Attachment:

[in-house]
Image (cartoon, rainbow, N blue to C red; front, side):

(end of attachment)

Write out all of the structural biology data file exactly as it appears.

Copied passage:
[in-house]
Image (cartoon, rainbow, N blue to C red; front, side):